The description of a possible U.S.-drafted framework for Israeli-Palestinian peace that Martin Indyk, the top U.S. Middle East envoy, delivered to a group of Jewish leaders was not final, the State Department said.
“During an off the record briefing with Jewish leaders, Ambassador Indyk reiterated the well-known United States position in support of 1967 borders plus swaps as a part of a broad discussion on ideas being discussed for a framework,” Jen Psaki, the State Department spokeswoman, said in a statement Friday, a day after the call.
“But given this is an ongoing process and these decisions have not yet been made, at no point did Ambassador Indyk make a prediction of the final contents of a framework,” Psaki said.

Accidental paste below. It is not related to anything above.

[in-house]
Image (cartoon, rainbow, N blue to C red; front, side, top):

Indyk, in a call first reported by JTA, described detailed security arrangements on the Jordan-Judea and Samaria border, a settlement of the refugee question, the terms for mutual recognition of Israel as the nation state of the Jews and Palestine as the nation state of the Palestinians, and land swaps.
State Department officials said that there is not an expectation that the framework would be completed in “weeks,” although Indyk had said it was his hope that it would.
Regarding Indyk’s reference during the call to the expectation that land swaps would allow 75-80 percent of settlers to stay in Israel, the officials said that arose not from the current talks but from previous estimates during the 20-year long peace process.